Chapel Pacific

chapelpacific2.jpg

SURFACE GALLERY, SPALDING HOUSE | HONOLULU CONTEMPORARY MUSEUM OF ART | 10 JAN - 21 FEB 2015

Artists: Jade Kake, Ambrosia Crum, Sonny Ganaden and Jason Lowe

Chapel Pacific consists of the design, building, and adorning of a small structure that references systems of faith for the diverse communities of the Pacific ocean. It is a collaboration between architects, builders, and fine art printmakers; and open to the public irregardless of faith, age or background. The project is to be created, and re-created, in spaces for contemporary art. The physical context of art museums allow its creators to focus on the process of a chapel rather than its use, and on its creation rather than its dedication.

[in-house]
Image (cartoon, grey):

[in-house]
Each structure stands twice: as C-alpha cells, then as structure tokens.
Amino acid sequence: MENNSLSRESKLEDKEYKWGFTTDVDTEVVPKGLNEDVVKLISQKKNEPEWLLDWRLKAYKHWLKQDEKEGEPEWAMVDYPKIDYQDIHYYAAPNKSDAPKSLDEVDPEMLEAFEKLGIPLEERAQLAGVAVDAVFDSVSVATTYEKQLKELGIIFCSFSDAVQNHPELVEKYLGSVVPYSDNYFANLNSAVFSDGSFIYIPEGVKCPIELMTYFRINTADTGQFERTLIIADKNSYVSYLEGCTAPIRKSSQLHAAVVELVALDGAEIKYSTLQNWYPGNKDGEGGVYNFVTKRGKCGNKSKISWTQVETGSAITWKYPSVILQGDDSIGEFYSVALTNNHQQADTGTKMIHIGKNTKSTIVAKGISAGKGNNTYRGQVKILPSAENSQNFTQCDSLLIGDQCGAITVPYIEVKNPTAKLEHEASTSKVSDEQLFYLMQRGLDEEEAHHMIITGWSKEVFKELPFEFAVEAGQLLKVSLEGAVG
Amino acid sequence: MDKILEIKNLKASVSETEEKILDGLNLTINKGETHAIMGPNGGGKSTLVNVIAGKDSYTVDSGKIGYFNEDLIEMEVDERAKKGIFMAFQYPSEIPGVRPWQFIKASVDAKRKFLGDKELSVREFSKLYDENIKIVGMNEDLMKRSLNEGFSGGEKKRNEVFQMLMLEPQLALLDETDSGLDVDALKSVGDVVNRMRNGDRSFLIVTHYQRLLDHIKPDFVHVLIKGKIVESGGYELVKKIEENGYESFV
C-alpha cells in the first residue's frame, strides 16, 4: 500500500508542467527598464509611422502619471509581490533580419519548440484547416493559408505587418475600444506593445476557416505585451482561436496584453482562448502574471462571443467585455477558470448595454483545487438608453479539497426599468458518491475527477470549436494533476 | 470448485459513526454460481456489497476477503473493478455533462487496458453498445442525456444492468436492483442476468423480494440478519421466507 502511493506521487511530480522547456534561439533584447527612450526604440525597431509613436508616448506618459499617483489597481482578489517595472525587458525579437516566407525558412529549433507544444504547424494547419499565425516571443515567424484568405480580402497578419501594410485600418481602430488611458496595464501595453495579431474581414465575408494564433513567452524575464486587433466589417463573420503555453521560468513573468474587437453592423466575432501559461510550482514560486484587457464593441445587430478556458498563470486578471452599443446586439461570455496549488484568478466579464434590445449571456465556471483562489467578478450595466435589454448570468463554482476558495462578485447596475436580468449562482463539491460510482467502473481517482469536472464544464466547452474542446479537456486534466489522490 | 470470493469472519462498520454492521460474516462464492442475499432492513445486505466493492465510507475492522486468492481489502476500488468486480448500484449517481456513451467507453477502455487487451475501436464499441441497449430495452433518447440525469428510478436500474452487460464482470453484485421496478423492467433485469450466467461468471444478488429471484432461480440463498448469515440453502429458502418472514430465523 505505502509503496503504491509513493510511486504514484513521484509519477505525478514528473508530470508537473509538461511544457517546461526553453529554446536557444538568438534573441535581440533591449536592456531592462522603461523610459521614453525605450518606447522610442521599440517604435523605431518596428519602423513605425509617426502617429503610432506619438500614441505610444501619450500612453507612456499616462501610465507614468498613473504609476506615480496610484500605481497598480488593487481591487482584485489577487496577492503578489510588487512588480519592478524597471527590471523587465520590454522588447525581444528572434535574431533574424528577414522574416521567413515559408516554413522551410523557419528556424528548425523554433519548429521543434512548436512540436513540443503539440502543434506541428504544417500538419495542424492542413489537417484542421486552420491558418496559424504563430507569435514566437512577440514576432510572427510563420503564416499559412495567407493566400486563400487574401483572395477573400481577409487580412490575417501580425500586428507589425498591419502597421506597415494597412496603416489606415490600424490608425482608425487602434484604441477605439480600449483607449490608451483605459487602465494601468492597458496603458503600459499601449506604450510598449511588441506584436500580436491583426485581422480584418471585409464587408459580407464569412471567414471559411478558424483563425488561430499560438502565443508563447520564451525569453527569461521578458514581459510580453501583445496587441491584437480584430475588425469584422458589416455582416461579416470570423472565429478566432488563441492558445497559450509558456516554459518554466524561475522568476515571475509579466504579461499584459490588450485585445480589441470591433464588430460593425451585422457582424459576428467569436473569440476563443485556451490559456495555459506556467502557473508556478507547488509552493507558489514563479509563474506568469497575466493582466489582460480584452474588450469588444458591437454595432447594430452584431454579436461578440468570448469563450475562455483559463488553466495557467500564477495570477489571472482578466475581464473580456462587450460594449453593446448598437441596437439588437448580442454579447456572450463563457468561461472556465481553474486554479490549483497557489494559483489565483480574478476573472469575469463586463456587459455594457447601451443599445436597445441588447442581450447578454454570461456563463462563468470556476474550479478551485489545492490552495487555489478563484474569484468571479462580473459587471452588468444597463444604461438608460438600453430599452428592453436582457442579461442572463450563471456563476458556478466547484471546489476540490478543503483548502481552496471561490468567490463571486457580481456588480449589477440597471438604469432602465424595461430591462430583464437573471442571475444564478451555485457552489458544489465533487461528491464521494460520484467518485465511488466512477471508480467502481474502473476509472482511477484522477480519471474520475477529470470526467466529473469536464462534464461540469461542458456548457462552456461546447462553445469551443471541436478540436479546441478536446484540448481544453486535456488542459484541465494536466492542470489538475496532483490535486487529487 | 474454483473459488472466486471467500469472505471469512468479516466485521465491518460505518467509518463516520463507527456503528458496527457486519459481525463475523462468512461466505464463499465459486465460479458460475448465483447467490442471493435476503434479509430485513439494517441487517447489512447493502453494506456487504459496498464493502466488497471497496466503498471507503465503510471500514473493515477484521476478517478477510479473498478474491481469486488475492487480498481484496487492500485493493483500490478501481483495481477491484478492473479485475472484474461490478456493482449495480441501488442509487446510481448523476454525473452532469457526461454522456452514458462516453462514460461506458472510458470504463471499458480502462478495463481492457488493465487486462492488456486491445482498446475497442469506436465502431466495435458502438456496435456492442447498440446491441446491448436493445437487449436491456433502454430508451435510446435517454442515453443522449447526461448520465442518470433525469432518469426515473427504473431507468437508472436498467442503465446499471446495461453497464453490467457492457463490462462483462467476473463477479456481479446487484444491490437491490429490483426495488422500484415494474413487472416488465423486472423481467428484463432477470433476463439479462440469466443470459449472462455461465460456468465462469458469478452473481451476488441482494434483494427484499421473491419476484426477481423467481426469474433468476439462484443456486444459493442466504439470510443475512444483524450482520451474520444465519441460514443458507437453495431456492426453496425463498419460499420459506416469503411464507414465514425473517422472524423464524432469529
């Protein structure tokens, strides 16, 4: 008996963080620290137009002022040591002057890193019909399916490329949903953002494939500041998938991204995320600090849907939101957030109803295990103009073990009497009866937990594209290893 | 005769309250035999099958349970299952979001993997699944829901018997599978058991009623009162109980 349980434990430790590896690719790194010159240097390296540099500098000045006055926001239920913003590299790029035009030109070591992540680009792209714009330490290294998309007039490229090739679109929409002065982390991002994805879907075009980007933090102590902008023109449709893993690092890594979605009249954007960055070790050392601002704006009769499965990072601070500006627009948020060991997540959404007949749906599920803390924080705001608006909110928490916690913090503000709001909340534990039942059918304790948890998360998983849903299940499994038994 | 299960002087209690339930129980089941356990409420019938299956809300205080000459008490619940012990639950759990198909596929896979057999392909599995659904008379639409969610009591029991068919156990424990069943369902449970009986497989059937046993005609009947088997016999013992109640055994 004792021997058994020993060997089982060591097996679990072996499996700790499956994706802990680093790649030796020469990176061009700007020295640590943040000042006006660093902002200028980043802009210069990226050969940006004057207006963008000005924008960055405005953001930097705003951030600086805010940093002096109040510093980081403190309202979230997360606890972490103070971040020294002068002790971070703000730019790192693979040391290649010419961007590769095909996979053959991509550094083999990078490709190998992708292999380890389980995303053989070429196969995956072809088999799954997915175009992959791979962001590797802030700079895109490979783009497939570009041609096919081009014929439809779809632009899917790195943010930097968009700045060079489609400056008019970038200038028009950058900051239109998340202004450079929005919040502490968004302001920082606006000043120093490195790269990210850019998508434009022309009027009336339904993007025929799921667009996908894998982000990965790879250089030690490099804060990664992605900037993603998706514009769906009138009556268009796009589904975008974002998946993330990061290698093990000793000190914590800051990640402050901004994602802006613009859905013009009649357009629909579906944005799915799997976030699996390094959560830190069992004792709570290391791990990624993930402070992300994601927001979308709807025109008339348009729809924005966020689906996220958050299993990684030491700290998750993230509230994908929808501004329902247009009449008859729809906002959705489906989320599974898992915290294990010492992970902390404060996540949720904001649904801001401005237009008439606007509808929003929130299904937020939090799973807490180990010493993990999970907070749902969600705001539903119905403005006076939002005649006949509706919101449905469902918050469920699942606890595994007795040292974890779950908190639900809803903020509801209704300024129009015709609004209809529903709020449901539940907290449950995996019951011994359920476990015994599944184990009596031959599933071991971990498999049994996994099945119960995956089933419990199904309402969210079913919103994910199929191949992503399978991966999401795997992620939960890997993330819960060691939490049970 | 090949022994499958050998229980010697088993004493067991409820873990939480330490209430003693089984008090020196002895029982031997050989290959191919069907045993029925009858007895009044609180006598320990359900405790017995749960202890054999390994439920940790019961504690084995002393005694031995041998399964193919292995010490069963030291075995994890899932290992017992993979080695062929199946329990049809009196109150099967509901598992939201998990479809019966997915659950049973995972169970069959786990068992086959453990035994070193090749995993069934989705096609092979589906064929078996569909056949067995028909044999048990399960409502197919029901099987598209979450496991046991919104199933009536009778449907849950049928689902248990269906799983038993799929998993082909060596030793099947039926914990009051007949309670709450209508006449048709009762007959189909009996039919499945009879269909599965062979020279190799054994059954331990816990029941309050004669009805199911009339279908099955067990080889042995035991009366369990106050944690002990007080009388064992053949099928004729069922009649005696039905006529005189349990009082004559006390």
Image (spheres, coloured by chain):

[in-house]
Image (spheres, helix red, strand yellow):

The structure’s design incorporates influences from Māori marae, Hawaiian heiau, and small Christian chapels of Hawaii and New Zealand. A waharoa, or gate, creates a liminal, transitional space from the exterior of the museum to the chapel, similar to a vestibule in the tradition of Catholic churches. The chapel’s roof is pitched in what architects in Hawaii refer to as a “dickey roof,” a design element from pre-western contact thatch roofs. The materials to build the structure are clear corrugated plastic, simple timber, and steel bar. These common materials became ubiquitous to Oceanic communities after World War II, and for those without many resources, were and still are primary building materials.